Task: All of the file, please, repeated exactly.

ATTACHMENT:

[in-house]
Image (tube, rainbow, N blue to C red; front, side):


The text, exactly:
[in-house]
Image (tube, rainbow, N blue to C red; front, side):